Vertigo, Meniere's Disease, Dizziness, Bppv, Balance Disorders

Vertigo, Meniere's Disease

A Visual Guide to Balance Disorders

Find out from WebMD how vertigo, Meniere's disease, labyrinthitis, and other problems can make it hard for you to keep your balance.

9/26/2021 7:30:00 AM

When a cold or flu virus, or sometimes bacteria, infects the maze of fluid-filled channels deep in your ear, it's called labyrinthitis. What to know:

Find out from WebMD how vertigo, Meniere's disease, labyrinthitis, and other problems can make it hard for you to keep your balance.

on May 27, 2020VertigoIt's not a fear of heights, though lots of people think it is. It's not even a"disorder," really. Vertigo is a symptom -- a feeling that either you or the space around you is spinning. This might upset your balance or make you sick to your stomach. Conditions that affect the inner ear cause it most often, but those that have an impact on the brain can also do it.

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Benign Paroxysmal Positional Vertigo (BPPV)Tiny crystals inside your ear fall into one of the fluid-filled canals, often when you hit your head. Then, when you turn or stand, they confuse your brain and make you dizzy, nauseated, or briefly move your eyes back and forth without control. BPPV can last from a few seconds to a few minutes and usually goes away on its own. Your doctor may treat it with maneuvers that get the crystals to move out of your ear canals.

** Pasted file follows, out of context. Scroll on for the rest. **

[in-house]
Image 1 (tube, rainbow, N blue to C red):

LabyrinthitisA cold or flu virus, or sometimes bacteria, infect the maze of fluid-filled channels deep in your ear. This"labyrinth," which normally helps you keep your balance, swells up, confuses your brain, and causes vertigo. You also might have fever, vomiting, hearing loss, and ringing in your ear (tinnitus). It usually clears up without treatment, but in rare cases, you may need antibiotics to knock out a bacterial infection.

Vestibular NeuronitisA virus causes sudden swelling of the vestibular nerve that connects your inner ear and the brain. This could make you dizzy, unsteady, and sick to your stomach, but doesn't normally cause hearing loss or tinnitus. It can last from hours to a few days, but it may take you a month or so to get completely better. It usually clears up on its own, but you might need to rest in bed if your symptoms are bad.

Meniere's DiseaseThough rare, it can cause serious vertigo that lasts from 20 minutes to several hours, often with nausea and vomiting. You might have tinnitus, hearing loss, and a feeling of pressure in your ear. Medicine can cut how many attacks you get and make you feel better when you have one. Diet changes and balance exercises could also help.

MedicationYour medicine could be the cause of your vertigo. Some drugs that can bring it on are antibiotics, antidepressants, antipsychotics, anticonvulsants, blood pressure meds, and anti-inflammatories. If you notice dizziness or balance issues, don't stop taking your pills, but call your doctor right away. They might suggest something different that won't cause problems.